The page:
Network Storage – CompTIA Network+ N10-007 – 2.4

There are many ways to provide access to storage across the network. In this video, you’ll learn about Fibre Channel, iSCSI, InfiniBand, and more.

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In a previous video, we talked about the differences between a NAS and a SAN, but let’s review since we’re going to be going through a number of these SAN technologies in this video. NAS stands for Network Attached Storage. This allows you to take a storage device and connect it to any [INAUDIBLE] network. Usually, a NAS provides file-level access. That means if you need to change just a single character inside of an entire file, you need to rewrite the entire file onto that NAS device.

A SAN is a Storage Area Network, and this is a type of storage that is a bit more efficient than network attached storage. That’s because we’re using block-level access with the SAN. This is very similar to the drive that would be in your existing computer. If you need to change a single byte within a file, you only need to change that block of data. You don’t have to rewrite the entire file onto that device.

Regardless of whether you’re using a NAS or a SAN, you’re going to be sending a lot of information across the network. So you would commonly connect these to high-speed networks that can support the bandwidth required for the data that you’re transferring back and forth.

A normal ethernet frame can support 1,500 bytes of a payload, but if we’re sending and receiving so much traffic to a storage area network, then we might want to increase the size of these frames. The way to do this is to enable jumbo frames on your network. This will allow you to transfer 9,216 bytes of data within a single ethernet frame, although it’s common to configure 9,000 so it’s more compatible with the 1,500 bytes of payload. Either way, you’re increasing the amount of efficiency by six times because you can fit, now, so much data within a single ethernet frame. This is going to increase the efficiency of the traffic we’re sending through the network. Not only is the data within the packets larger, we don’t have to make as many switching or routing decisions because we’re sending fewer packets through the network.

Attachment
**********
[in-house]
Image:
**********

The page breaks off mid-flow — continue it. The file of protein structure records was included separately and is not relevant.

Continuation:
One catch is that all of the devices on your network between you and the storage area device have to support these jumbo frames. There’s usually a configuration option within your switch, and there’s usually a configuration you would set in your operating system to turn on the ability to send and receive jumbo frames.

One popular type of storage area network is Fiber Channel or FC. This is a high-speed typology that has been specifically built for storage area networks. It is built to connect servers directly to storage devices. It can support 2, 4, 8, and 16 gigabit per second rates, and you can run this traffic over both fiber and copper connections. Even though the name of it is Fiber Channel, it does support copper connectivity.

To use a Fiber Channel topology, you would usually have a Fiber Channel switch. So you would plug-in your server with Fiber Channel, and you would plug-in your storage device with Fiber Channel. The server would commonly be using some well-known protocols to communicate to those storage devices. You may be using SCSI, serial attached SCSI, or SATA commands to send data over this storage area network.

There are also types of Fiber Channel networks that don’t require any specialized hardware. You don’t need a Fiber Channel switch if you’re planning to use Fiber Channel over Ethernet. All of these Fiber Channel commands are being sent over the existing ethernet network. It’s commonly connecting over Ethernet to an existing Fiber Channel infrastructure, and since this is done at the ethernet frame level, this is not routable traffic. But this does allow you to use the ethernet card that’s in a device rather than using a Fiber Channel adapter.

If the storage and the devices that need access to that storage are located on different IP subnets, you may want to consider using Fiber Channel over IP. This is effectively tunneling Fiber Channel within existing IP packets, and that would allow you to route this traffic from one subnet to another and still be able to communicate to a Fiber Channel device.

Another type of storage area network is iSCSI. This stands for Internet Small Computer Systems Interface. You may be familiar with the SCSI drives that you would install with SCSI adapters inside of your computer. This simply extends that SCSI capability across the network. This was created by IBM and Cisco, and it’s now an RFC standard. This would make these remote drives on the storage area network look and feel as if they are local to our computer, very similar to how Fiber Channel works. And of course, SCSI is well-supported in software and operating systems, and there are drivers already available for iSCSI in many existing OS’s. You wouldn’t need any proprietary topology, there’s no need for any proprietary switches or adapter cards, and since you’re using IP, you’re using an easily routable iSCSI protocol over an existing ethernet network.

If you need very high speeds with your storage area network, you might need InfiniBand. This is a high speed storage topology that is very focused on speed, and it has its own switches and adapter cards, very similar to the way that something like Fiber Channel might be implemented. With an InfiniBand, we can connect to the storage area network with both copper and fiber, using quad SFP connectors. You would commonly see InfiniBand used with environments that needed very high speeds and very low latency. So for research and supercomputer operation, InfiniBnad networks are very common. It’s common to see 200 gigabit per second speeds with InfiniBand networks and you can then aggregate those together in for 4x, 8x, or even 12x links.